When I was sixteen, that anorak with the Merry Jeep Mas Sweatshirt on was just a couple of sizes too small. Charlie hadn’t known me as a ten-year-old, however, and she didn’t know anybody who knew me, either. She knew me only as a young adult. I was already old enough to vote when I met her; I was old enough to spend the night with her, the whole night, in her hall of residence, and have opinions, and buy her a drink in a pub, secure in the knowledge that my driving license with its scrambled proof of age was in my pocket and I was old enough to have a history.
At home, I didn’t have a history, just stuff that everybody already knew, and that, therefore, wasn’t worth repeating. But I still felt a fraud. I was like all those people who suddenly shaved their heads and said they’d always Merry Jeep Mas Sweatshirt punks, they’d been punks before punk was even thought of: I felt as though I was going to be found out at any moment, that somebody was going to burst into the college bar brandishing one of the anorak photos and yelling, Rob used to be a boy! A little lad!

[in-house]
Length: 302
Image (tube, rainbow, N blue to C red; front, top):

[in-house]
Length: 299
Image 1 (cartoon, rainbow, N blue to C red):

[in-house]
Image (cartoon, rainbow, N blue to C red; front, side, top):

We went out for two years, and for every single minute, I felt as though I was standing on a dangerously narrow ledge. I couldn’t ever get comfortable if you know what I mean; there was no room to stretch out and relax. I was depressed by the Merry Jeep Mas Sweatshirt of flamboyance in my wardrobe. I was fretful about my abilities as a lover. I couldn’t understand what she saw in the orange-paint guy, however many times she explained.